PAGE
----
Pelicans, Davis, hope new faces, faster pace mean more wins
NEW ORLEANS — Losing All-Star DeMarcus Cousins to injury in the middle of last season helped Pelicans general manager Dell Demps decide on roster moves this summer, particularly after Cousins chose to bolt in free agency.
Demps had a chance to see the Pelicans coalesce around fellow All-Star Anthony Davis and a faster-paced style as they rallied to finish sixth in the Western Conference and sweep third-seeded Portland in the first round of the playoffs.
“It was fun to watch as the guys were playing fast and sharing the ball and flying all over the place,” Demps said. “When you feel like you’ve established an identity that has had success, you want to continue along those lines.
“We feel like we’ve established ourselves from a defensive standpoint and an offensive standpoint,” he added. “We’re going to defend. We’re going to play fast. We’re going to move the ball and we’re going to play for each other.”
To help fill the void left by Cousins, Demps brought in former Lakers forward Julius Randle, who became available after Los Angeles landed LeBron James. When veteran point guard Rajon Rando also left New Orleans, the Pelicans signed guard Elfrid Payton.
Demps sees Randle and Payton — who are both entering their fourth NBA seasons — as players who are young, but established. Demps also sees both as two-way players who can help defensively and thrive in a system that very well may lead the NBA in possessions per game, as New Orleans did last season.
The stakes are high.
Davis’ star power is giving him increasing leverage to demand a trade in the coming seasons if he loses confidence in the direction of the franchise. Davis is quick to highlight his affection for New Orleans, but he also wants to win — something he hasn’t done for most of his first six seasons with the Pelicans. He’s been to the playoffs just twice, advanced to the second round once, and has gone no farther.
“Last year was definitely fun. We accomplished so much after all we’d been through,” Davis said. “We’re trying to carry the momentum into this year and see what happens. Of course, we lost two (key players), but we added two guys who we think can help us.”
Some things to watch with the Pelicans:
The addition of Payton allows Jrue Holiday — the club’s second-biggest star — to spend more time at shooting guard than point guard. Playing a similar role last season allowed Holiday to focus more on scoring and defending than setting up the offense, and resulted in arguably his best season. He averaged a career-high 19 points per game to go with averages of six assists, 4.5 rebounds and 1.5 steals.
The 28-year-old Holiday scores often on slashing dribble-drives, but said he’d like to improve his 3-point shot. He also wants to improve on his already formidable reputation as a defender.
“I think the biggest thing for me is defensively, being consistent and showing people that I like to play defense and I’m pretty good at it,” Holiday said.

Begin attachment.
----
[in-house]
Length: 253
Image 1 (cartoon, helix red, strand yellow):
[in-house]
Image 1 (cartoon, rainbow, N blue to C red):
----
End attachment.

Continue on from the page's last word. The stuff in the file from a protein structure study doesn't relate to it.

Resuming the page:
The Pelicans expect to experiment with a lineup featuring a front court of the 6-foot-10 Davis, the 6-9 Randle and 6-10 forward Nikola Mirotic. All three players have the combination of size, agility and shooting range to play either forward spot or at center, Davis said.
“I think it’s a cool idea,” Davis said. “We’ll see if it works.”
While the Pelicans led the NBA in pace last season, coach Alvin Gentry wants to play even faster this season.
The idea is to consistently create shot opportunities before opposing defenses get set, which means sprinting back up court after rebounds and making long outlet passes when possible.
“I don’t know if he thinks we’re some track stars or something, but I guess that’s the plan,” Holiday said. “With the guys that we’ve added, really just pushing the pace is going to be big.”
Gentry, who took over in New Orleans after helping install Golden State’s up-tempo system as a lead assistant there, said the Pelicans can be “much better” at pushing the pace.
Gentry noted that Randle played for another former Warriors assistant, Luke Walton, in Los Angeles, and should be familiar with the style the Pelicans seek to play.
The Pelicans hope 6-11 center Jahlil Okafor can fulfill the potential he was thought to have when Philadelphia drafted him third overall out of Duke in 2015. Okafor averaged nearly 18 points as a rookie, but only 6.4 points in a reserve role with two teams last year.
While an ankle sprain in the preseason opener has slowed Okafor’s integration into his new team, Demps complimented Okafor’s conditioning and attitude as training camp began.
“He definitely is coming in to prove something. There’s no ifs, ands or buts about that,” Demps said. “You can see with the shape that he’s in, the effort he’s playing with, the intensity. You can see that he wants to prove to the world that he’s a good NBA player.”
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